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originally posted by: schuyler
No, we can't all agree. If we cancelled that amendment, Obama would still be President, or Clinton. We need some churn.
To begin with, congressional deliberations about the amendment were curtailed. For example, the House restricted debate to two hours. Furthermore, the discussions leading up to the proposing of the Twenty-second Amendment did not obviously suggest a consistent, clear legislative purpose. Lawmakers expressed, at various times, their interest in limiting a President's "service," "terms," "tenure," and "[eligibility for] reelection," without elaborating exactly how they understood these terms. Moreover, when Congress dropped early proposals to foreclose a person's eligibility for office if he had served in two prior terms and instead adopted the current text that focuses on limiting individuals twice elected to the presidency, it provided little explanation for this important shift beyond needing "compromise" as part of the lawmaking process. One should also note that the framers of the amendment did not obviously intend to create a two-term tradition in any narrow sense, because they specifically discussed allowing someone who became President through an "emergency" within the first two years of one term to secure election for two additional terms. We are therefore left with some uncertainty about the precise goals of the Twenty-second Amendment's creators.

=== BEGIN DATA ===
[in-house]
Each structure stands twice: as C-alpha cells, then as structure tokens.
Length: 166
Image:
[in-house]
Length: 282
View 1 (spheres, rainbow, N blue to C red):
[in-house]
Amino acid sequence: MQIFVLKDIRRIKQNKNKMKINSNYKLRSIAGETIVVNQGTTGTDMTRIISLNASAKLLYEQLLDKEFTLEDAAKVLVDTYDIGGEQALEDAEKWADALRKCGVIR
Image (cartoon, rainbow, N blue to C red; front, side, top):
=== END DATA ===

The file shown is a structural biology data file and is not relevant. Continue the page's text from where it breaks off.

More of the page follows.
Although numerous court opinions make passing reference to the Twenty-second Amendment, its parameters have not been systematically examined by the judiciary. No doubt the low profile of the amendment in the courts reflects limited interest in and opportunity for testing the provision.
The term limits protect us against a charismatic person becoming de-facto royalty.